Arkansas State Coach Blake Anderson said the entire roster was healthy going into fall camp, including the running back group that was nipped by injuries last season.
Senior Armond Weh-Weh suffered a season-ending ACL tear against Auburn last season, but he has been cleared for fall camp after missing spring practice. Senior Johnston White missed a game with a hamstring strain, and junior Warren Wand said he played with a bothersome ankle.
2017 Fall Camp Practice Schedule
Today: 8:50 a.m.
Sunday: 8:50 a.m.
Monday: 8:50 a.m.
Tuesday: 8:50 a.m.
Wednesday: 8:50 a.m.
Thursday: Recovery day
Friday: 8:50 a.m.
Aug. 5: 8:50 a.m. (scrimmage)
Aug. 6: TBA
Aug. 7: 8:50 a.m.
Aug. 8: 8:50 a.m.
Aug. 9: 8:50 a.m.
Aug. 10: Recovery day
Aug. 11: 8:50 a.m.
Aug. 12: 8:50 a.m. (scrimmage/Fan Day)
Aug. 13: Recovery day
Aug. 14: 8:50 a.m.
Aug. 15: 8:50 a.m.
Aug. 16: 8:50 a.m.
Aug. 17: Recovery day
Aug. 18: TBA
Aug. 19: 8:50 a.m.
Aug. 21: First day of classes
The ASU offense often relies on the ability to rotate several running backs, and the injuries required Wand to receive more carries than usual.
"When they got hurt, it was something different we had to work through," Wand said. "Every single one of us had nagging injuries. Just knowing that everybody's coming back into the season right now healthy, we're excited. We're motivated, and we want to show everybody what we can do."
Second-year running backs coach Norval McKenzie said Wand is the No. 1 running back going into camp, but that doesn't necessarily mean he's the "feature back."
"We're all about production," McKenzie said. "So, whoever the back is, he's going to have a lot of confidence, and he's going to be a guy everybody rallies behind. And it doesn't matter who's in there, I don't think we're going to miss a beat."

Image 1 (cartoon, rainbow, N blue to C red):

Hansen the guy
Arkansas State University knows who its quarterback is heading into preseason camp.
Junior Justice Hansen went 8-2 as a starter in 2016, when he replaced Pittsburgh graduate transfer Chad Voytik in a 28-23 loss to the University of Central Arkansas in the fourth week. The 6-4, 207-pounder threw for 2,719 yards, 19 touchdowns and 8 interceptions.
Hansen began his collegiate career at Oklahoma in 2014, transferred to Butler Community College (Kan.) in 2015, then transferred to ASU in 2016.
"This is the first time I've gone back-to-back seasons with the same coach," Hansen said. "I've got a lot of confidence in that, and I'm looking forward to it."
Anderson said backup redshirt freshman Logan Bonner aided Hansen and "pushed him every day."
The 6-1, 224-pound Bonner played in a run-pass-option offense similar to ASU's while at Rowlett High School in Texas, where he was named to the Class 6A All-State Team by the state's Associated Press Sports Editors.
Second-year offensive coordinator Buster Faulkner said he was impressed by Bonner's performance in the spring.
"He'll be ready when his number's called," Faulkner said.
In the offseason, Anderson and Faulkner made "tweaks" to their run-pass-option offense they said will result in a more vertical run and pass game.